People get Type 1 diabetes when their bodies attack and destroy their own islet cells. These people can't make insulin anymore. The best cure would be if scientists could replace the old islet cells with new ones.
Given today's environment, it is surprising that there are still thin people around. The origins of this epidemic are pretty easy to spot—lots of food and less opportunity for exercise. And yet, not everyone in the U.S. is overweight. So why is one person fat and the next thin?
Last blog I talked about the Transcaucasian mole vole. This little burrowing mammal has lost its Y chromosome over time. Now both males and females have only a single X. I focused on how scientists can't yet figure out how there are any male mole voles running around. This week, I want to focus on what this means from an evolutionary perspective.
I've always been fascinated by weird animals. Especially those with out-of-the-ordinary genetics. Transcaucasian mole vole. Image Courtesy of Heike HimmelreichOne of my favorites is a little burrowing mammal called a Transcaucasian mole vole. These guys live in the Caucasus Mountains of Armenia, Iran, Turkey, and Azerbaijan. There they are born, live, have babies and die. […]
Do you have a note from your doctor? So much information, so little understandingOn June 9, the California Department of Public Health (CDPH) sent letters to 13 different direct-to-consumer genetic testing companies telling them that they were not in compliance with California laws and needed to stop providing testing. The two main issues appear to […]
The author feeling cheekyLast Monday I finally took my show out on the road. At The Tech Museum I run hands on genetics programs for visitors. On Monday, we took them to Overfelt High School in San Jose. And the students had a blast*. They got to take home 4X6 glossy pictures of their cheek […]
Human and chimpanzee chromosomes are very similar. Note that human chromosome 2 is very similar to a fusion of two chimpanzee chromosomes. For the last few weeks I have been corresponding with someone about intelligent design (ID). More specifically, we have been chatting about why humans have 46 chromosomes and most of the great apes […]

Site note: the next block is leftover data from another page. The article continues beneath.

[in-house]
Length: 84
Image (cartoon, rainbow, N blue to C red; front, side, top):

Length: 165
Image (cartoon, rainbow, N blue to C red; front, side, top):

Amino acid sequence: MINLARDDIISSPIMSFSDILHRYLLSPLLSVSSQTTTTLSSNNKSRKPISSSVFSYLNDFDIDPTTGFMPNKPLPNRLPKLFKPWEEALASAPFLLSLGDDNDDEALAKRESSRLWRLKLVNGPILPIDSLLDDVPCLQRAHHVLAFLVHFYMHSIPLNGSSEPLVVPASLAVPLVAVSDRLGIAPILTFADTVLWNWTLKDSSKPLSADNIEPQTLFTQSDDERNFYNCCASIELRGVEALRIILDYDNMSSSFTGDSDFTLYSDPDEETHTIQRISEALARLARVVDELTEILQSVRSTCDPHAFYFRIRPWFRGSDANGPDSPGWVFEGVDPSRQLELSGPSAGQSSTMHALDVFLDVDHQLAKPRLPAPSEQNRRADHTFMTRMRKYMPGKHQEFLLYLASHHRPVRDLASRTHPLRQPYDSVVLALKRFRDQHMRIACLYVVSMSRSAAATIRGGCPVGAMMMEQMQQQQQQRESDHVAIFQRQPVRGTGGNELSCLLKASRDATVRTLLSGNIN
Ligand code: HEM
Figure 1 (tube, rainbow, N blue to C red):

These fish can tell us a lot about ourselves. Species often end up a different color when their environment changes. And humans are no exception. When people moved out of Africa tens of thousands of years ago, they were dark-skinned. Now when we look around Northern Europe or parts of Asia, we see much lighter […]
DNA magnified 850,000 times through a scanning electron microscope DNA day is coming up on Friday April 25th. This annual celebration of genetics and genomics was set up in 2003 to commemorate the sequencing of the human genome and the 50th anniversary of the solving of the structure of DNA.DNA day was thought of as […]
There is a lot we don't know about our DNA and how it works. While there seems to be news every week about genetics, scientists are still in the early stages of finding out what effect our genes have on us (check out this post from another QUEST blogger, Dr. Barry Starr). That's what the […]
By 2050, as our population ages, 15 million Americans will suffer from Alzheimer's disease – triple today's number. There is no cure for Alzheimer's, but several treatments can help alleviate its symptoms, and many research projects aim to understand the disease better and find a way to fight it. In this QUEST story, we visited […]
Red hair genes will be diluted but will not go away.I got a call last week from a reporter in Virginia. Someone had come up to her in a bookstore to offer her condolences about her kind dying out. She is a redhead. The guy from the bookstore must have read one of the stories […]
Genetically, we're all pretty much the same. A massive volcanic eruption 75,000 years ago may be why. Lake Toba is all that is left of the volcano that nearly wiped out mankind.Last blog I talked about how East Africans are genetically more diverse than Asians. Who are genetically more diverse than Native Americans. From all […]
Last blog I talked about how scientists turned skin cells into embryonic stem (ES) cells. This was big news because scientists can now make an ES-like cell without destroying an embryo. This blog I thought I'd talk about how scientists have used these cells to cure a mouse’s sickle cell anemia. If the mouse stays […]
I love my cell phone. We have a serious relationship. One that may be biologically predetermined. Let me explain. On New Year's Eve I brought my phone with me to San Francisco's Ocean Beach, where I traditionally go, rain or shine, to watch the year's last sunset. I was by myself, but I wasn't alone. […]
Scientists can now turn skin cells into embryonic stem cells like these.(Image: Nissim Benvenisty)It is amazing how fast stem cell research is accelerating. Six months ago, we had to destroy embryos to get at their precious embryonic stem (ES) cells. Or we had to at least steal them. Now, as 2008 begins, we can turn […]
Bobby is more likely to be gay than Greg. Last blog I talked about some studies that link homosexuality and genes. The most powerful studies are those that compare identical twins to fraternal twins. These studies show that both twins in an identical pair are more likely to be gay than are both twins in […]
Gay Pride Parade in BrazilA big federal study is underway to identify the specific DNA changes that contribute to being a homosexual. Note that scientists are not investigating whether or not being gay is genetic. The evidence is already pretty strong at this point that there is a genetic component to being gay. What they […]